We hear a lot about Carbs; good Carbs, bad Carbs, low Carb, no Carb. But what is a Carb? Too many people avoid Carbs, or think they’re avoiding Carbs but don’t really know what a Carb is. Here we’ll explain a little about what Carbs actually are, why they’re sometimes “good,” and why they’re sometimes bad.”
A carbohydrate is a macronutrient; one of the key ways our body obtains energy, or calories, from our food. The other two macronutrients are fat and protein. Our bodies cannot produce macronutrients so we have to acquire them from our food.
The name carbohydrate is derived from the chemical components a Carb is made up of; carbon, hydrogen, and oxygen. One gram of carbohydrate contains about 4 calories.
What They Do
When you see cyclists or runners eating things like energy gels, they’re eating them for the fast burning Carbs which give them a quick shot of energy. When we eat Carbs, they are broken down into a simple sugar called glucose. That glucose is what provides the energy we need to fuel our central nervous system and muscles, and is the main function of Carbs in our diet.
They are also important for brain function and can affect our mood and memory.
When you hear the term “good Carbs,” it refers to complex Carbs. It takes longer for our body to break these Carbs down and digest them. They give us sustained energy, like a slow drip rather than a single shot. Because they take longer to digest, they can also help keep us feeling fuller for longer.
Examples of complex Carbs include sweet potatoes, whole meal bread, corn, and legumes like lentils or peas.
“Bad Carbs” are simple Carbs. They are broken down and digested quickly by the body. They give us a quick boost of energy but can lead to an energy “crash” soon after eating them. Examples of some simple carbs are white rice, white, bread, and cake.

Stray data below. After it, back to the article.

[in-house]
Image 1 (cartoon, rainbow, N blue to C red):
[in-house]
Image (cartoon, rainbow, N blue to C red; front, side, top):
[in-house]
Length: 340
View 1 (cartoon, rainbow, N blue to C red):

Sources of Carbs
People often think that Carbs are only found in things like bread and pasta, but many other foods contain Carbs too, things like vegetables, fruits, and soda. Some of those will be complex Carbs (carrots) and some will be simple Carbs (soda).
Not all foods have Carbs. Unprocessed meat like chicken and beef, unprocessed fish like tuna and salmon, unprocessed oils like olive and coconut oils, are all examples of foods that don’t contain Carbohydrates.
Some fruits and vegetables have less carbs than others. Leafy greens like cabbage, watercress, and lettuce are low Carb veggies. Fruits like avocados and berries are lower in Carbs than things like bananas and grapes.
Many people think that all Carbs are bad for you if you’re trying to lose weight. This isn’t true. The reason many people associate Carbs with weight gain is because the Carbs a lot of us typically eat are the wrong ones and ultimately don’t make us feel full for long.
Fat and protein are much better at satiating us than Carbs, particularly simple Carbs. We digest simple Carbs fast; our blood sugar goes up and that makes us hungry. So we eat again. If we eat more simple Carbs, the cycle continues, and if we eat more calories than our body needs, we can gain weight.
But Carbs can be part of a weight loss plan, provided they are largely complex Carbs and you’re also eating a good balance of protein and fat as well.
We hope this has cleared up some of the misunderstandings surrounding Carbs. Our bodies need Carbs to function and thrive. By choosing slow burning, complex Carbs we can give our bodies what they need while keeping our weight in check.